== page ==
AltFi Insights: Why Fintech M&A activity hit record $112bn in first quarter, despite slowing global economy

By Roger Baird on Monday 13 May 2019

Alternative LendingDigital BankingSavings and Investment

Buyout deals charged ahead in three months of the year buoyed by Fiserv’s takeover of First Data and Fis’ acquisition of Worldpay.

AltFi Insights are articles where we analyse, unpack or exclusively reveal something new happening in peer-to-peer finance, fintech or crypto.

Investor’s appetite for fintech firms remains undimmed with mergers and acquisitions hitting a record $112bn in the first three months of the year, despite signs of a slowing global economy and the threat of a disorderly Brexit in the UK.

This figure, spread over more than 250 deals, is already within touching distance of last year’s total M&A volume of $126bn and the sector’s all-time high of $138.3bn, according to US fintech focused investment bank Financial Technology Partners.

Across the year the sector is forecast to hit record mergers and acquisitions volumes as well as the industry’s second highest financing levels, despite the threat of a trade war between the US and China.

The sector was driven by the two largest ever fintech deals in the period - Wisconsin financial technology provider Fiserv’s $41bn all stock acquisition of Atlanta payments firm First Data and the Florida’s FIS $43 bn takeover of London-based payments processor Worldpay in a cash and shares deal.

These firms are both profitable, however, the majority of fintech firms, founded in the wake of the financial crisis are loss-making and are competing to add users, which they later hope to turn into profitable customers.

UK deals lead global transactions

However, these firms continue to attract billions from investors who believe this wave of firms can emulate Big Tech giants such as Facebook and Google.

The industry also saw investors around the world put up $10bn to finance fintech ventures in the first three months of the year, the fifth highest quarter of investment since 2009 said Financial Technology Partners.

The three largest transactions in the period saw British online business lender OakNorth, raise $440m from private equity, Belgian settlement house Euroclear raised $318m after the London Stock Exchange snapped up a 4.9 per cent stake, while German online bank N26 attracted $300m of investment led by Singapore investment vehicle GIC.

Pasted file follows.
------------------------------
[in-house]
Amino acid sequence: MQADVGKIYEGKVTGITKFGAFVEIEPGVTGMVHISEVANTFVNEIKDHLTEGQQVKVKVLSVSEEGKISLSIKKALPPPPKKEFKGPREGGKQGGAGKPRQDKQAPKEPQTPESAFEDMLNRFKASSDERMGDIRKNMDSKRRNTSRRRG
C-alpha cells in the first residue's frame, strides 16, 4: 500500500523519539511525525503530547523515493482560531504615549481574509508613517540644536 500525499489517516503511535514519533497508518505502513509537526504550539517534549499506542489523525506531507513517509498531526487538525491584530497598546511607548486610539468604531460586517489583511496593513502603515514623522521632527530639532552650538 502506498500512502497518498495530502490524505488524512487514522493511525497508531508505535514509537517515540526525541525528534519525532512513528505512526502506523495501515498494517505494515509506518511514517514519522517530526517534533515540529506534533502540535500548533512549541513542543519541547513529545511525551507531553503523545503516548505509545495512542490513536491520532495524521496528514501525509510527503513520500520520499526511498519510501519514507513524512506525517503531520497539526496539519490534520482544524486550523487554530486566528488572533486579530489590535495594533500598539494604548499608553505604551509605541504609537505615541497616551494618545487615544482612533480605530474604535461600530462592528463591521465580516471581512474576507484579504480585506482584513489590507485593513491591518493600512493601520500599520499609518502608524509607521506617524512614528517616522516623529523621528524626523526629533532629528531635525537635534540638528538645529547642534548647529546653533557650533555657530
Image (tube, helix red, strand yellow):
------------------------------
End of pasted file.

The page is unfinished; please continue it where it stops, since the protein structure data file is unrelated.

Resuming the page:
Financial Technology Partners said: “The banking and lending technology sector has been the most active in terms of the number of financings so far in 2019 [124 deals] and has had the highest financing volume [$4.8bn].”

Overall, the global mergers and acquisitions activity could hit $448bn this year, dwarfing the $126bn total 12 months ago, although the first three months of 2019 have been inflated by two of the largest ever deals in the industry.

Worldwide fintech financing in 2019 is forecast to come in at  $39.9bn, the second highest year for the sector, behind last year’s record $54.1bn.

Slowing global momentum

This contrasts with the gloomy global growth for 2019 presented by the International Monetary Fund (IMF).

In April, the body said the world economy will grow by 3.3 per cent this year, down from its 3.5 per cent January forecast, and is its lowest global outlook since the 2008 financial crisis.

The IMF said: “Amid waning global growth momentum and limited policy space to combat downturns, avoiding policy missteps that could harm economic activity needs to be the main priority.”

Financial Technology Partners database records the activity of more than 33,000 fintech companies around the world and 10,000 private equity and venture capital firms.

AltFi Insights are articles where we analyse, unpack or exclusively reveal something new happening in peer-to-peer finance, fintech or crypto.

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